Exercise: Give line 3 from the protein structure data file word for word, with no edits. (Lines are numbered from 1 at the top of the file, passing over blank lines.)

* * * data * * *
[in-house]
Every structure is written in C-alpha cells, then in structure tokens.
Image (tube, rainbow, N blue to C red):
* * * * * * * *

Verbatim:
Image (tube, rainbow, N blue to C red):